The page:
LeBeau, Smith dispute report

8-13-01, 10:50 p.m.

Updated: 8-14-01, 11:30 a.m.

BY GEOFF HOBSON

GEORGETOWN, Ky. _ Quarterback Akili Smith and head coach Dick LeBeau were flabbergasted Monday by an ESPN report that said Smith refused to go back into Friday's 27-24 victory over the Lions.

Smith, who missed practice Monday for the second straight day with a bruised shoulder, was stunned to hear the news.

He said after the game and again Sunday that LeBeau offered to put him in for a series in the fourth quarter but that he wanted to go back to Scott Mitchell because he had the hot hand and Smith agreed.

"He'll clear it up for you fine," said LeBeau Monday in debunking the report. "I talked to him and we went back with Scott, but Akili could have gone in, and would have gone in in many circumstances. There's no way that he refused to do anything. Besides that, he's got a bummed up shoulder."

The plan had been for Mitchell to play the third quarter and Smith the fourth. But with Mitchell shutting up

Detroit's boo birds with play that brought the Bengals back from a 24-10 deficit, LeBeau wanted to give Mitchell a shot to win it and Smith agreed with LeBeau and told him to keep him in there because Mitchell had the momentum.

"That's just not what happened at all," Smith said of the report. "Like I said, I thought I was being unselfish and being a team player."

DOUGHTY SHELVED: Despite two conversations with LeBeau Monday, offensive tackle Mike Doughty found himself on the reserve/left squad list Tuesday morning eight days after walking out of camp.

That means Doughty is eligible to play only for the Bengals this year even in the likely event he gets cut.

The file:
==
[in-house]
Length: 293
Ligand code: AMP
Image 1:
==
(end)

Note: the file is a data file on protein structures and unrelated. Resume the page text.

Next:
Agent Frank Murtha said Tuesday morning that even though his client hasn't returned, he still wants to play.

"He just couldn't see himself banging his head against the wall with the Bengals like has for the last three years," Murtha said.

Murtha said the Bengals didn't drop the nuclear bomb and put him on the reserve/retired list, which puts him out all this year for every team.

"This is a couple of hand grenades in the shorts ," Murtha said. "I don't know how the scenario is going to play out."

COLD WAR GETS ICY: The Bengals called the agent for Justin Smith Monday and they spoke for the first time in about a week. The club then emerged discouraged about negotiations that appear to be backsliding.

Yet Jim Steiner, Smith's agent, said it showed progress that the sides spoke for the first time in eight days and that he's asking the Bengals for a slotted deal between Cleveland's Gerard Warren at No. 3 and San Diego's LaDainian Tomlinson at No. 5, a player still unsigned.

"We're looking for market value and market structure," Steiner said. "We're not asking him to be treated (differently than) anyone else. I think I've got a pretty good feel what will happen at No. 5."